• 54°

Life through the eyes of a child

At almost two years of age, our grandson is growing at warp speed. Last week, he let me push him around the block in a baby stroller, this week he’s offended by the idea. Mr. Independence wants to stand on his own two feet wherever we go. He also seems interested in everything new and takes his time to check out every discovery.  He’s certainly teaching me the value of taking my time. If you want to freshen your perspective, try hanging out with a toddler.

Yesterday we walked to the mailbox together. A trip that can usually be accomplished in fifteen minutes took the better part of an hour. Who knew that our suburban sidewalk was so filled with science projects? Doodle bugs, snails, beetles, even that large crack in the cement required careful study.

Walking the block with an extraverted toddler is like taking a cheerleader to the prom. Both attract attention. Neighbors who have never spoken to me before crossed the street to make our acquaintance. Shep is a pint-sized ambassador.  I tried to keep him close, but those little legs can move a lot faster than you might think.

One day last week, we went out for an evening stroll.  The lady who lives across the street drove into her driveway while we were passing in front of her house. “Hi”, yelled the little guy as she climbed out of her car. She whipped around to see who was speaking and laughed when she spotted him standing there in a diaper and T shirt.  I laughed, too.  There is something comical about a big voice coming from a little kid. She and I haven’t exchanged 5 words since we have been neighbors. Nothing personal, we just adhere to different schedules. As a result, I thought nothing of it when she gathered her things and retreated inside.

A minute later she reappeared with a bag of cat treats and held them out. “Would you like to feed my kitty?” she asked and poured a few goodies into his chubby little hand. The grey and black feline, who had been lurking behind a nearby tree, glided over and began eating out of his hand. “I’ve never seen a cat do that,” I said. “Come to think of it,” she responded, “neither have I.”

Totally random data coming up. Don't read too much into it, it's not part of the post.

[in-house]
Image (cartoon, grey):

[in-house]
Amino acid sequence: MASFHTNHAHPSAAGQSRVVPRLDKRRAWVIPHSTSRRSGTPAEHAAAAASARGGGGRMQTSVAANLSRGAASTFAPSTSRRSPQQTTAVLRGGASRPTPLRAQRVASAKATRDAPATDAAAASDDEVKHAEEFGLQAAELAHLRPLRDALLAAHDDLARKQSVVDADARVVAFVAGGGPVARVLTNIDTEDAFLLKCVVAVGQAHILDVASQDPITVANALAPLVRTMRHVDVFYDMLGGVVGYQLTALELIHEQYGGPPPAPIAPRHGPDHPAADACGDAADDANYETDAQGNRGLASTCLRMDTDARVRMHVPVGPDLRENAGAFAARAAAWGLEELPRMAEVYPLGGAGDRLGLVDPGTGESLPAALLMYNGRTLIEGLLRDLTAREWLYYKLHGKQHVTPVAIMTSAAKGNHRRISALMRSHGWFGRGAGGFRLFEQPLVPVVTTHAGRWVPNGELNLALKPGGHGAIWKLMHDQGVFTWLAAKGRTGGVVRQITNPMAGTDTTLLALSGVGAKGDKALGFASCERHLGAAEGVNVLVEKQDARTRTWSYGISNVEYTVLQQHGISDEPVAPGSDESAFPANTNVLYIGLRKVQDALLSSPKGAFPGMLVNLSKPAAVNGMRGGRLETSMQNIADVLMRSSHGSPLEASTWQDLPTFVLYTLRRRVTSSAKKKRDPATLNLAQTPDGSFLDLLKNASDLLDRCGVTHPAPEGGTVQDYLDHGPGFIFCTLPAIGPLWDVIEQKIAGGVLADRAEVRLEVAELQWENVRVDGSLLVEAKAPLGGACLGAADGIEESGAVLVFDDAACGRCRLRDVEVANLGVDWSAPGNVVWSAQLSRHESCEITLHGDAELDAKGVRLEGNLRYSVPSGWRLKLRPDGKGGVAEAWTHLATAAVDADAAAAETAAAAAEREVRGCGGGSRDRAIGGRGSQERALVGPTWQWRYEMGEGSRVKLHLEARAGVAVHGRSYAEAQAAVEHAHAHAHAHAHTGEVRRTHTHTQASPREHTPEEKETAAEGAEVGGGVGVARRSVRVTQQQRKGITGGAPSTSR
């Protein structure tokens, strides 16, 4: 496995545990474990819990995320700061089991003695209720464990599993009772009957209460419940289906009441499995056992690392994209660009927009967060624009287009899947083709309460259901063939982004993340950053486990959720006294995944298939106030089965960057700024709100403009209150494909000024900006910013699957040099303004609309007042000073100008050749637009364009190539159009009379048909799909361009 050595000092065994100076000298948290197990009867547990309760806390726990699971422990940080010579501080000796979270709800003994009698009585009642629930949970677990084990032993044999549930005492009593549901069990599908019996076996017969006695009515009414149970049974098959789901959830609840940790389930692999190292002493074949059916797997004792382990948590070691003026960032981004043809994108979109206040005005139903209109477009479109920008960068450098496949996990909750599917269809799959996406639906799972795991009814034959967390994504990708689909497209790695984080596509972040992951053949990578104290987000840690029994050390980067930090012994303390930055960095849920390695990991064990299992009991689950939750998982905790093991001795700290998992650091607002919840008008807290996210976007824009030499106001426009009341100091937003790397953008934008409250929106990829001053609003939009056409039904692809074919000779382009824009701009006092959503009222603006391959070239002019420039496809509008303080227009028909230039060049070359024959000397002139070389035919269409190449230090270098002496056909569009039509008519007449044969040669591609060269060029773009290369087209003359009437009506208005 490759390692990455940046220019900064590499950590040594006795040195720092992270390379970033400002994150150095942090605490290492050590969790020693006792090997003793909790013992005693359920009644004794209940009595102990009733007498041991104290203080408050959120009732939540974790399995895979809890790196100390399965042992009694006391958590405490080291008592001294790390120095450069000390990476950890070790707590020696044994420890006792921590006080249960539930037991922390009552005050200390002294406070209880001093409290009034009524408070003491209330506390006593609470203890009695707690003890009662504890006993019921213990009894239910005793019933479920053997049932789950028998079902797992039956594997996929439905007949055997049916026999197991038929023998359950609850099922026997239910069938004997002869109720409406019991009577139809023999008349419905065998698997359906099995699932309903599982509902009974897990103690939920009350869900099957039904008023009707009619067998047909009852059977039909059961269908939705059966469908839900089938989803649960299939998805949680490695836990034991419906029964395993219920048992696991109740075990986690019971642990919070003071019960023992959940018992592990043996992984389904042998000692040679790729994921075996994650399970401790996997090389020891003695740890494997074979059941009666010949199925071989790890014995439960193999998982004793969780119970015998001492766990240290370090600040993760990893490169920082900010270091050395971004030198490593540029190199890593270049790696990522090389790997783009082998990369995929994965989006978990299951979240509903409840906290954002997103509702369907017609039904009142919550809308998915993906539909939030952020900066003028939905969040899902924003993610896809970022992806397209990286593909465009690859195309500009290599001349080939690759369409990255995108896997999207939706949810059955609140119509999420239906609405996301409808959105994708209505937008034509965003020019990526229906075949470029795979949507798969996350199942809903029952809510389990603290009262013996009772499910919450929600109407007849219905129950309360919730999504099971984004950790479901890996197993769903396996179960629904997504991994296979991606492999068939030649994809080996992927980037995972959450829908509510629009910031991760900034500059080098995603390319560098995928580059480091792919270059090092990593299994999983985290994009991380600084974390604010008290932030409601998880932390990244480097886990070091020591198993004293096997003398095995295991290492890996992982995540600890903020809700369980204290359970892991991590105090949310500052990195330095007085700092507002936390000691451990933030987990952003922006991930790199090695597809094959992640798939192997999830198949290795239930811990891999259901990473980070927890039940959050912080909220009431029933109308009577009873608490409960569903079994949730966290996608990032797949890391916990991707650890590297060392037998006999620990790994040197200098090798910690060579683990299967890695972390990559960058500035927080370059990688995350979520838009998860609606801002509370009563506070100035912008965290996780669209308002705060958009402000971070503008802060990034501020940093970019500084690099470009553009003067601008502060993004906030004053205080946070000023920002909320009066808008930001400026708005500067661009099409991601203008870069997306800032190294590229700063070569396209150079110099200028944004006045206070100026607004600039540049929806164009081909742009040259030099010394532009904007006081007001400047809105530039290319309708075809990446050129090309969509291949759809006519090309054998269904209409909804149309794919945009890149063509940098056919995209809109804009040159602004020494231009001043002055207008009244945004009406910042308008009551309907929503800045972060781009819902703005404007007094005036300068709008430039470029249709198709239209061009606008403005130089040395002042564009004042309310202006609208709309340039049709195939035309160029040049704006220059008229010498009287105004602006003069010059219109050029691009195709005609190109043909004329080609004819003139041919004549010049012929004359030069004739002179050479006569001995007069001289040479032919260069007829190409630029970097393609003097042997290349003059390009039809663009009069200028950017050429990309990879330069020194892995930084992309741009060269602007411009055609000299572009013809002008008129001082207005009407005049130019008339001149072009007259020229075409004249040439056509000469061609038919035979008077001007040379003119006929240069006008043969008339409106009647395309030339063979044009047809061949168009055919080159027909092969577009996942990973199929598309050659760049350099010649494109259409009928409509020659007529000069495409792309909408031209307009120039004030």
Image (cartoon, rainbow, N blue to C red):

On another occasion, a teen aged girl three doors down was loading her car when we walked past her house.  He called out to her, too. When she came over, he held his arms out. Well, she was beautiful. “Would you like to meet my dog?” she offered and went inside for her pet. I’d never met him either.  At 6 pounds, he was neither bite nor bark with round, black eyes that peered at us suspiciously. We got to know a few things about our human neighbor that afternoon but the dog did more burrowing into his owners arms than bonding with Shep. I’m thinking of hiring him out for Neighborhood Watch. The toddler, not the terrier.

Yesterday we had the best walk yet.  That’s because of what happened at the end.  We had already gone inside when I heard the familiar music. “The ice cream truck!” I yelled. Jimmy ran for his wallet while I scooped up Shepherd. We met at the truck window to place our orders.

The brightly colored vehicle had parked in front of our neighbor Joe’s house so we sat on his grass while waiting for our snow cone treat. Joe declined our offer for a frozen dessert, he’s more of a chips and salsa kind of guy, but he stayed to chat for a few minutes while our favorite toddler chased his dog, Jack up and down the sidewalk.

Every so often, Shep came back to check on his people.  The toddler appears to like us almost as much as the canine community.  He is definitely making a name for himself in our neighborhood. Come to think of it, he’s making a name for us, too. Is it my imagination or is this place getting friendlier? Perhaps things look better through the eyes of a child.

Donia Caspersen Crouch was raised in Southeast Texas and lives in Austin. Want more?  Donia’s  Stories of Hope and Humor can be ordered at dccrouch17@att.net.